- Included in Eastons: No
- Included in Hitchcocks: No
- Included in Naves: No
- Included in Smiths: No
- Included in Websters: Yes
- Included in Strongs: Yes
- Included in Thayers: Yes
- Included in BDB: Yes
- H1961 Used 3 times
- H3201 Used 2 times
- H3427 Used 2 times
- H3885 Used 1 time
- H5975 Used 3 times
- H6440 Used 1 time
- H6965 Used 1 time
- H7272 Used 1 time
- G1526 Used 0 times
- G430 Used 2 times
- G5278 Used 5 times
- G5297 Used 1 time
- G5342 Used 1 time
ENDU'RE, verb transitive [Latin durus, duro.]
1. To last; to continue in the same state without perishing; to remain; to abide.
The Lord shall endure forever. Psalms 9:7.
He shall hold it [his house] fast, but it shall not endure Job 8:15.
2. To bear; to brook; to suffer without resistance, or without yielding.
How can I endure to see the evil that shall come to my people? Esther 8:6.
Can thy heart endure or thy hands be strong? Ezekiel 22:14.
ENDU'RE, verb transitive To bear; to sustain; to support without breaking or yielding to force or pressure. Metals endure a certain degree of heat without melting.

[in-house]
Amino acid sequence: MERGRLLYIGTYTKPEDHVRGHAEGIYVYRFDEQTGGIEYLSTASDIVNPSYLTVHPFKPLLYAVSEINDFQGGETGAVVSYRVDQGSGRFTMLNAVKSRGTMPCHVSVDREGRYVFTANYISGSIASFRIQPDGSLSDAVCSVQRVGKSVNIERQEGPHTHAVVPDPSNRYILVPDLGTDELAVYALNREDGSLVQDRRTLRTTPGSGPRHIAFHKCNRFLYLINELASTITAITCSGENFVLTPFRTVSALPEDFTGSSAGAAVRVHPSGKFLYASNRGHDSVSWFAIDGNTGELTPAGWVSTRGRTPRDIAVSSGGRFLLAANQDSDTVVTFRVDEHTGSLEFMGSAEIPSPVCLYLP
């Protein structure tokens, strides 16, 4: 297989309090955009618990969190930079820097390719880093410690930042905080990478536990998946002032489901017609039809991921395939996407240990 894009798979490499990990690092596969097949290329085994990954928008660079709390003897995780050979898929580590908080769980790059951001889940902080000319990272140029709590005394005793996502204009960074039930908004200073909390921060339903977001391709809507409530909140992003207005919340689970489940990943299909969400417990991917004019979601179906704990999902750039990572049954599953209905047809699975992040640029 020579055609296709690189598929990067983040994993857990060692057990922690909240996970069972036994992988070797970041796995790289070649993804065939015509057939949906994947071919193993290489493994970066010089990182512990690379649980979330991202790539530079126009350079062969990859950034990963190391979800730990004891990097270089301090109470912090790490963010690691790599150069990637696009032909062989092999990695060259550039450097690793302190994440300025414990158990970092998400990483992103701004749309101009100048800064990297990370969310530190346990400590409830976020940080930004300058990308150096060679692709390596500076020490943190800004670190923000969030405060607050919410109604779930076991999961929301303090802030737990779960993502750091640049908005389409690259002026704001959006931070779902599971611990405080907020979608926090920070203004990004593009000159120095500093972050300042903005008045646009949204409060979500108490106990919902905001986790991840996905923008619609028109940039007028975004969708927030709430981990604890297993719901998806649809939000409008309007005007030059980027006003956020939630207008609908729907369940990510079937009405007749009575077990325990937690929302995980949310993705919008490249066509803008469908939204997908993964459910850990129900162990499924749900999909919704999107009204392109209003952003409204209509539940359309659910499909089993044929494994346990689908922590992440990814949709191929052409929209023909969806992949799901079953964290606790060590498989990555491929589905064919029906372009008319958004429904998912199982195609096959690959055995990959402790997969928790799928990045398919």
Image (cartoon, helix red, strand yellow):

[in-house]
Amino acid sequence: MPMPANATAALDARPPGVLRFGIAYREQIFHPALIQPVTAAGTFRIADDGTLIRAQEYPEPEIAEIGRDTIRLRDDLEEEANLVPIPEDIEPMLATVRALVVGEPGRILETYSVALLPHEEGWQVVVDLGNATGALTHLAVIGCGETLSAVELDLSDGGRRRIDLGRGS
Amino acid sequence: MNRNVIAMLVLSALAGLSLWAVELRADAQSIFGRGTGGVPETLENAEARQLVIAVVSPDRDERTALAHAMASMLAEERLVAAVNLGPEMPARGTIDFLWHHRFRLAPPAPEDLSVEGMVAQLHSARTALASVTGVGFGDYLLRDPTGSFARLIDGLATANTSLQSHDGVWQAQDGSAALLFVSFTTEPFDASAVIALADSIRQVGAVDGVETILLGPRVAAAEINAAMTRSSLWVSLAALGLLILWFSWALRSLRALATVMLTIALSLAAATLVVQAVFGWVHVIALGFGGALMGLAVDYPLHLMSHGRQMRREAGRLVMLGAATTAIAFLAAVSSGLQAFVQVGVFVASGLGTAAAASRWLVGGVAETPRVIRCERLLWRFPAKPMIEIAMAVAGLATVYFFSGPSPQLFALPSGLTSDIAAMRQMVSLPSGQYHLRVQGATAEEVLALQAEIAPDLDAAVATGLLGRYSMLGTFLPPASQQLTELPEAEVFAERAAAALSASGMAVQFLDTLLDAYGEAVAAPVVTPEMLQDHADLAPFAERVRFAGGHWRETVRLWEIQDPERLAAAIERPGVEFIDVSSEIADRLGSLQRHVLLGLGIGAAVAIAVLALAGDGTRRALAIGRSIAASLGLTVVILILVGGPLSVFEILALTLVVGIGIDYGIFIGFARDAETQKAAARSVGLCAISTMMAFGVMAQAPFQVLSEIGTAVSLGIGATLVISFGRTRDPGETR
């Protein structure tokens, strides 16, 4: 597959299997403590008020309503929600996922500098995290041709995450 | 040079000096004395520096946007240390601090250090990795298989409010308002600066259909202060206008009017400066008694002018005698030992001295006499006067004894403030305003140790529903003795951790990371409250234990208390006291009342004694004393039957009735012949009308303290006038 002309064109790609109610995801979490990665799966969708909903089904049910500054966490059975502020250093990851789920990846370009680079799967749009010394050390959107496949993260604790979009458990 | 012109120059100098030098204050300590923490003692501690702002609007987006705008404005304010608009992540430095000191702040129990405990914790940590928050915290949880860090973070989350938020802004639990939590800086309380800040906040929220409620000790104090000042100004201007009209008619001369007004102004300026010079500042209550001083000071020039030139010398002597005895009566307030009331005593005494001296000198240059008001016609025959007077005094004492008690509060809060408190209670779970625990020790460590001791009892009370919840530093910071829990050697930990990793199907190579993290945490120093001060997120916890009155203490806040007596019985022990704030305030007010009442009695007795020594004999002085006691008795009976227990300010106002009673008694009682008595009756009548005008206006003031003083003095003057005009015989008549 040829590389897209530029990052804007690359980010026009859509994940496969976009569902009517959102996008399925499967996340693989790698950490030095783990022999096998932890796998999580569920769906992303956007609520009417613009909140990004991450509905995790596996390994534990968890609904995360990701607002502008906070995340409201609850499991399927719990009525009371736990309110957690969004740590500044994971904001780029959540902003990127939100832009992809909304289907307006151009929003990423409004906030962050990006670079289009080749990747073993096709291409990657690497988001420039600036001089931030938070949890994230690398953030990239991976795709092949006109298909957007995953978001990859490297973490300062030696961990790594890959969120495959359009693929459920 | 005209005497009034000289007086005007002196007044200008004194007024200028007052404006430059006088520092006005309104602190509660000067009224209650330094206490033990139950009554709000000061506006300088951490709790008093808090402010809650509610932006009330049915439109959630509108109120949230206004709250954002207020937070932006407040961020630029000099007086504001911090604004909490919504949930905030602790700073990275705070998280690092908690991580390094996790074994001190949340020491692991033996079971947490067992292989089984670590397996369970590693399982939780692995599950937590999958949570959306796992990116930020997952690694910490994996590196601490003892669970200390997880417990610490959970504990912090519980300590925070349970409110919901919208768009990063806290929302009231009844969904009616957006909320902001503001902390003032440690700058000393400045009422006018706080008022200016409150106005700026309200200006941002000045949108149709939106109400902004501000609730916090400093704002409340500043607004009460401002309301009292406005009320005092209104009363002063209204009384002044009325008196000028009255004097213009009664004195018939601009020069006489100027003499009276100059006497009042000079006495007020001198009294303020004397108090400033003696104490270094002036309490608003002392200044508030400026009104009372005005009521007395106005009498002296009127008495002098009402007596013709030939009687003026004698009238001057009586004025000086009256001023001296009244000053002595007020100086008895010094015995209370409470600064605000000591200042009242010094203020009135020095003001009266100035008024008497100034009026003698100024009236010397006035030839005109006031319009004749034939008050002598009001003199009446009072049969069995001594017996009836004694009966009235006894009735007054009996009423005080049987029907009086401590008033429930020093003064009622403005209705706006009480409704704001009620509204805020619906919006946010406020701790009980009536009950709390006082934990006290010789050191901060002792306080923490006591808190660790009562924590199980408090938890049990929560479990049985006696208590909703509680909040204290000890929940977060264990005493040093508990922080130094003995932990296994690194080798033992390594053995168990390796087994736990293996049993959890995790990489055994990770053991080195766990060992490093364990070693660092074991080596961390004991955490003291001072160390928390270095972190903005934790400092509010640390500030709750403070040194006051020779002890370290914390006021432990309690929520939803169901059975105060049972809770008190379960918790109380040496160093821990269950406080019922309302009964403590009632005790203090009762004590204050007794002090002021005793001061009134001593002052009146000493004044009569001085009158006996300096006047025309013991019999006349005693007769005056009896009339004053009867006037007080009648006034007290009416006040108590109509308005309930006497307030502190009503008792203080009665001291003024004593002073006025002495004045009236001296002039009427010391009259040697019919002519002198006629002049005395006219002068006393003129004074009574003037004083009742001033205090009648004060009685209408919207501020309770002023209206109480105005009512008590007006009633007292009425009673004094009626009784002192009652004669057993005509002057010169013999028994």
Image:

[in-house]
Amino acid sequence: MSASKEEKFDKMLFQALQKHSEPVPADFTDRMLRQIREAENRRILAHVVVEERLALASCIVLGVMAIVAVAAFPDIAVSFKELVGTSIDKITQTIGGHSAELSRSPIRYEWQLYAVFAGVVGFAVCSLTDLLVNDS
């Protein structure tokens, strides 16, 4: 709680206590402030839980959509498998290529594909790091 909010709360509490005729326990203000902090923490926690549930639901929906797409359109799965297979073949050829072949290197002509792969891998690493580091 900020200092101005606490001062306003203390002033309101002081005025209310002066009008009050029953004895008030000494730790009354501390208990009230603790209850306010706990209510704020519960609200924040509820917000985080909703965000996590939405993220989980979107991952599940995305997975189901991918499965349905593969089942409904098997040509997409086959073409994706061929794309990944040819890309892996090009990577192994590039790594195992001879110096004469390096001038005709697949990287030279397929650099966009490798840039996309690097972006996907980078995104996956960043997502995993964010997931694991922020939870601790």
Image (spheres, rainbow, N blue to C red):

Both were of shining steel, and wrought so pure.
As might the strokes of two such arms endure
1. To bear with patience; to bear without opposition or sinking under the pressure.
Therefore, I endure all things for the elect's sake. 2 Timothy 2:3.
If ye endure chastening, God dealeth with you as with sons. Hebrews 12:7.
2. To undergo; to sustain.
I wish to die, yet dare not death endure
3. To continue in. [Not used.]
ENDU'RED, participle passive Borne; suffered; sustained.
ENDU'RER, noun One who bears, suffers or sustains.
1. He or that which continues long.